The best way to detect such a hack is to randomly sample physical, voter-verified votes cast vs machine totals. Since we do not have paper ballots, the best currently available way would be to simulate actual voting, including real voter behavior such as pausing during ballot casting, on randomly selected machines and verify their behavior, being careful not to include the simulations into the totals. To ensure voter confidence, such testing would best be done publicly with independent observers present including during the random choice of machine to test.
2) Suppose the election management systems which aggregates votes were hacked to report incorrect totals and to adjust the precinct level counts? Is there a mechanism to verify the totals reported by the system, versus the totals that were reported locally at the precinct? Is any immediate and local record made of the totals at the precinct and machine level before the totals are delivered to the central aggregator?
Public Transparency: Many Eyes Make Bugs Shallow
Any software engineers on your staff will surely have heard the open source maxim, that "with enough eyes, all bugs are shallow". This means, that a having many people looking for possible flaws in a system, is likely to produce a more secure result than having even the best expert design it solo. If your audit and security procedures are public, concerned individuals can look for vulnerabilities such as:
- have your election management systems ever been connected to the Internet?
- are they in physical custody of trusted State or County employees at all times, or are they maintained by private contractors?
- how are the programming distributed to the voting machines, and how is a chain of custody maintained over the USB sticks or memory cards?
- what type of auditing or random sampling methods are used to verify the integrity of the vote? Can independent observers be present?
- are local precinct and machine level totals made public immediately?
- do you perform a Risk-Limiting post-election audit (RLA)? (I believe this is not possible without a paper trail; see https://www.stat.berkeley.edu/~stark/Preprints/gentle12.pdf)
I am bringing these things up not to try to embarrass your office or to level criticism; its just that having an open and critical discussion of the methods is so important to ensuring election integrity and public confidence in our democratic process.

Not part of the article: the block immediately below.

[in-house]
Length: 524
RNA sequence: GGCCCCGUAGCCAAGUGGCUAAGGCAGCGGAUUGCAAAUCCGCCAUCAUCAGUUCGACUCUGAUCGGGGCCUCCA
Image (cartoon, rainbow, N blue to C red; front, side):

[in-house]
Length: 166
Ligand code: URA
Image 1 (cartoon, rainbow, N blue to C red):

I know your staff is busy, and I am absolutely respectful of people's time; however I do believe that making this a public conversation actually will improve the quality of the process.
*** Could someone respond in a timely way with links to the security and audit procedures followed?
I would also very much like to put whoever is in charge of this, in touch with someone such as Jennifer Cohn (election integrity expert -[email removed]) or Philip Stark (one of the authors of the authoritative paper on RLAs - [email removed]). Even with years of experience supervising elections, to take on the new challenges that hackers constantly develop requires cooperation between experts nationwide. This is the case even in much easier risk environments. Yours is by nature an extremely difficult to manage risk because of the multiple points of vulnerability.
I sincerely thank you for handling this openly and for taking the time to respond and to look into these issues. You have authority over a critically important process and it is so important that we address all potential vulnerabilities.
Sr Software Engineer
ps. In the interest of public accountability and transparency, I am going to post our email exchange publicly, again I am not doing this to cause problems for your office; I really think its essential for it to be a public conversation - both for the reasons of many eyes, and for the sake of public confidence in our elections. I also hope it will be an example of a constructive way to engage, rather than any kind of accusation or shouting match, but that it will produce results.
I believe that there is a real vulnerability and a real possibility of election hacking, but that it is likely that the Secretary of State and most or all election officials are not directly aware of it if it has occurred. I am trying to have a genuine dialog and constructively reduce the vulnerabilities that exist — which I believe are fairly glaring. I will post any response here.
For those interested in election integrity (all of us, I hope?), here is Jennifer Cohn’s excellent list of suggestions to address risk in real time.
Also, here is a maybe more reader-friendly piece I wrote last year on the importance of hand-counted paper ballots and why those are more secure than any electronic voting method: Little Old Ladies Counting Ballots Are Our Best Bet for Democracy